Norfolk, UK

Great swathes of light arc across cathedral buildings, poppies cascade down the walls, gigantic stained glass windows appear on every surface, lines of monks pass by while bombers fly overhead – these are cathedrals illuminated as they have never been before, combining art and religion in a very unique way.  

Such illuminations result in displays that are dramatic, beautiful, stimulating and thought-provoking.

“There is definitely a spiritual element to these illuminations," says Rev Canon Matthew Vernon, who is currently organising St Edmundsbury Cathedral's first illumination project due to take place in 2022. "They feed our souls with images of light and show the power of light over darkness as well as giving a glimpse of the beauty of God. We all love stories and light projections are great ways of telling stories."

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'Sarum Lights: Heaven and Earth' by a collaborative team of artists known as Luxmuralis held at Salisbury Cathedral this year. PICTURE: Courtesy of Salisbury Cathedral. 

Over the past decade, the idea of illuminating cathedrals as part of vast community-based 'lumiere festivals' has become extremely popular throughout the UK. Cities come alive at night as vast crowds of people meander from place-to-place, marvelling at the incredible artistic scenes being portrayed in light against familiar buildings.  

They are certainly popular. It is not just local people who come to see the light shows, tourists and visitors come from far afield enjoying weekends away from home attracted by the incredible spectacles at places like York, Salisbury, Lichfield and Norwich. Durham is home to one of the oldest lumiere festivals, having launched the concept back in 2009. In 2019, more than 165,000 people attended the four-day event.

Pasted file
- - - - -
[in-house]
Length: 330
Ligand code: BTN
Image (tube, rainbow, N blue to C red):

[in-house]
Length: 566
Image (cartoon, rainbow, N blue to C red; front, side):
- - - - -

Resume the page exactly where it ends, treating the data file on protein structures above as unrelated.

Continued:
“There is definitely a spiritual element to these illuminations. They feed our souls with images of light and show the power of light over darkness as well as giving a glimpse of the beauty of God. We all love stories and light projections are great ways of telling stories."

- Rev Canon Matthew Vernon, of St Edmundsbury Cathedral which will host its first illumination project due to take place in 2022.

While some Church of England cathedrals like Durham and Norwich have taken part in citywide illumination events and festivals, others, such as those at Lichfield and Salisbury, have undertaken their own specific shows. In 2020, Salisbury held a special light show highlighting the life of faith in the cathedral. Images were taken from the stained glass windows as well as pictures of people living in Salisbury and blown up into giant size illuminations on both the exterior and interior of the building. As people left, they were given a bookmark bearing a prayer of St Francis of Assisi.